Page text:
Time to revise our view of Viking ships?
Many reconstructed Viking ships have quadratic sails, but a Danish archaeologist doubts that all the ships looked that way.
When we see a reconstruction of a Viking ship at a museum or anywhere else, we may not be seeing a true picture of the past.
Old inscriptions on rune stones and coins depict ships with low and broad sails, yet most reconstructions are fitted with taller and narrower sails.
This was one of the points raised by Ole Kastholm, curator at Roskilde Museum at a recent archaeological conference on the Viking Age hosted by Copenhagen University.
We should take the Vikings’ pictures into account
Kastholm believes we should take a closer look at the pictorial material from Viking Age rune stones, picture stones and coins when we reconstruct Viking ships.
“On all the imagery we have from those days, the ships are depicted with much broader sails. This has been left out in the reconstruction, and when you leave out source material, people get the wrong idea.”
Having analysed pictures of ships on coins and graffiti from the Viking Age and on picture stones on the Swedish island of Gotland and elsewhere, he could see that the depicted sails did not have the same shape as the ones on the reconstructed ships.
Are the old pictures really of any use?
Vibeke Bischoff, a ship reconstructor at the Viking Ship Museum in Roskilde, has been involved in the reconstruction of several Viking ships.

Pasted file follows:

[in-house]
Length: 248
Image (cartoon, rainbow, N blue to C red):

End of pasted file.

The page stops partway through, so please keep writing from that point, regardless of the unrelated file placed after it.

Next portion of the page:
She says that the pictorial material was taken into consideration, but she did not believe the old pictures were sufficiently realistic to say anything about the proportions of the ships.
On all the imagery we have from those days, the ships are depicted with much broader sails. This has been left out in the reconstruction, and when you leave out source material, people get the wrong idea.
”We have used the pictorial material e.g. to interpret how they rigged the sails, but we didn’t use it for our proportioning. On the old illustrations on picture stones and coins, the height of the mast, the sail and the people on board are severely over-proportioned,” she says.
“That’s why we can’t use the illustrations to tell us anything about how broad the sails were on the Viking Ships.”
Bischoff believes the illustrations were intended to tell a story rather than show accurately-proportioned depictions of real ships.
“When you see a Viking ship approaching the shore, the first thing you see is the large sail,” she says. “If I were to portray such a large ship, that’s the element I would exaggerate, and then I would also draw the ship from the side to show how long it was and how many people were on board.”
The sails on the Norwegian square-rigged vessels from the 19th century have a trapezoidal shape, whereas the sails on the reconstructed Viking ships are more quadratic. The reason for this is that the Norwegian mountains produce a good deal of gusts, for which the trapezoidal sails are better suited.
When archaeologists find a hull from a Viking ship, they can usually determine with relative ease the location of the mast. But it’s a lot more difficult to say anything about the sail.
The shipwreck in Aggersund has been safeguarded, so that the surrounding soil will not erode before it’s dug up. No decision has yet been made on when the excavation will take place.